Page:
MUMBAI, India—On her regular rounds of Bollywood casting studios, Mona Mathews says she will occasionally be asked: “Are you willing to compromise?”
She says no, although if she were more ambitious, the 48-year-old belly dancer and aspiring actress says, she would have to say yes. For newcomers like her, with no surefire connections, the route to stardom has long involved submitting to expectations of sex.
As allegations against powerful men pour out of Hollywood, Mathews is one of a handful of women breaking the silence in Bollywood, one of the world’s most prolific moviemaking centers. Rape and sexual abuse are as common here as anywhere, industry insiders say, but Indian women who speak out face an unusually high risk of losing their jobs and reputations, given the tendency to blame victims that extends even to the legal system.
“People want to talk, but they are scared,” Mathews said. “They don’t want to be in the limelight for the wrong reasons. If women talk, other women will say: ‘This is a normal thing. Why is she making such a big fuss?’ “
One of the few established celebrities to break ranks is Daisy Irani, a former child star from the 1950s and ‘60s who last month alleged that she was raped at age 6 by a male guardian she called Uncle Nazar—a man who accompanied her to film shoots in other cities.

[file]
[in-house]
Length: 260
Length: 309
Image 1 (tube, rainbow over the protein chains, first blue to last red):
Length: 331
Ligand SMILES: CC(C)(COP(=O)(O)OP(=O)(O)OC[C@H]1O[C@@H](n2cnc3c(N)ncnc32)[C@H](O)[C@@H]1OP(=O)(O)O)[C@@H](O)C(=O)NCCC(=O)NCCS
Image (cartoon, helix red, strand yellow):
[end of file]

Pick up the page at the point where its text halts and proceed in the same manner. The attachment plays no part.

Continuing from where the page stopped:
“It happened only once,” she recalled in a recent interview. “I don’t remember anything, just pain and fear. I remember him saying, ‘If you tell anybody . . .’ “ she trailed off, wagging her finger.
Irani’s story, splashed on the front page of the Mumbai Mirror newspaper, caused a sensation in India, where many people still recall the young actress onscreen, often playing a curly-haired boy.
Irani, 68, said she was abused by many men throughout her career as a child star but did not tell anyone at the time because she did not realize how serious it was and did not think she would be believed.
“Whoever felt they wanted to, would touch me,” she said. “Even if I had told the director, would he have cared?”
She said she told her story to a journalist friend, Khalid Mohamed, last month when they were discussing the rape and sexual misconduct allegations against Harvey Weinstein and the #MeToo movement they triggered. “What’s the big deal?” she recalled telling him. “It happens a lot. It happened to me.”
Mohamed’s astonished reaction, she said, made her realize that few people knew the gritty details of the sexual abuse that has long pervaded India’s movie industry, known worldwide for its sparkling costumes, colorful song-and-dance sequences and dramatic fight scenes. She said she often watched child performers on television song-and-dance competitions and wanted to warn parents about the dangers of early fame.
As allegations trickle out from India’s image-conscious movie business, a few Bollywood women have shared the #MeToo hashtag on social media. According to Mahesh Bhatt, a prominent movie director, the charges against Weinstein have shaken the industry. But no one of Weinstein’s stature has been publicly accused of abuse.